Sony Acquires Image Sensor Specialist Softkinetic Systems

Softkinetic's time of flight and other image sensor technologies will help Sony become more competitive in the video gaming and smartphone markets.

Nathan Eddy, Freelance Writer

October 8, 2015

3 Min Read
<p align="left">(Image: ilbusca/iStockphoto)</p>

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Sony is acquiring Softkinetic Systems, a specialist in range image sensor technology. Softkinetic, which possesses time-of-flight (ToF) range image sensor technology, as well as related systems and software, has become a wholly owned subsidiary of Sony following an agreement between Softkinetic and its major shareholders.

The two companies announced the agreement on Oct. 8. No financial details were disclosed. Based in Belgium, Softkinetic has offices in Sunnyvale, Calif.

"Sony will focus on combining Softkinetic's ToF range image sensor technology expertise with its own technologies with the aim of developing the next generation of range image sensors and solutions, not only in the field of imaging, but for broader sensing-related applications as well," according to Sony.

Specifically, distance measurement pixels, which are laid on top of the sensor in two dimensions, measure the delay, otherwise known as flight time, that it takes for light to leave the light source, reflect off the object, and return to the image sensor.

Sony will likely use the technology to enhance its digital cameras and other imaging solutions, as ToF technology helps measure the distance to an object.

The acquisition could also help Sony become more competitive in the gaming space. Its PlayStation 4 Camera controller still requires two cameras to help identify gestures, while rival Microsoft's Xbox One Kinect sensor already incorporates ToF technology.

The global gesture recognition market for gaming consoles is set to grow at a compound annual growth rate (CAGR) of 48% in terms of revenue from 2014 to 2019, according to a July report from Technavio.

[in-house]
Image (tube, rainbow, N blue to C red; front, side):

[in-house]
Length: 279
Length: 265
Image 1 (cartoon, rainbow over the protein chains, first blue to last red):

Softkinetic's primary areas of business include development and licensing of range imaging software, such as for range image signal processing and gesture recognition and the development of ToF range image sensor modules and reference designs.

Sony did not mention in its announcement whether Sofkinetic's 77 employees would join the company, and noted no material impact is anticipated on its consolidated financial results for the fiscal year ending March 31, 2016 as a result of the acquisition.

[Read about Sony's new Xperia smartphone.]

Sony's image sensors, which are used on its own struggling smartphones as well as Apple's iPhone, might get a boost from the acquisition of the company and its technology. After all, smartphone cameras are among the most popular features of advanced handsets.

Apple in particular has highlighted improvements to the camera on its recently released iPhone 6s and the camera's ability to take sharper, more colorful photos even in low light situations.

The announcement of the acquisition follows Sony's decision earlier this week to establish a semiconductor solutions corporation.

The aim of this new structure is to enable each of the three main businesses within this segment, namely the semiconductor, battery, and storage media businesses, to improve growth and to respond more rapidly to changing market conditions.

The Softkinetic acquisition could also be of use in the context of this restructuring. Image sensors are a primary area of focus in the semiconductor space.

About the Author(s)

Nathan Eddy

Freelance Writer

Nathan Eddy is a freelance writer for InformationWeek. He has written for Popular Mechanics, Sales & Marketing Management Magazine, FierceMarkets, and CRN, among others. In 2012 he made his first documentary film, The Absent Column. He currently lives in Berlin.

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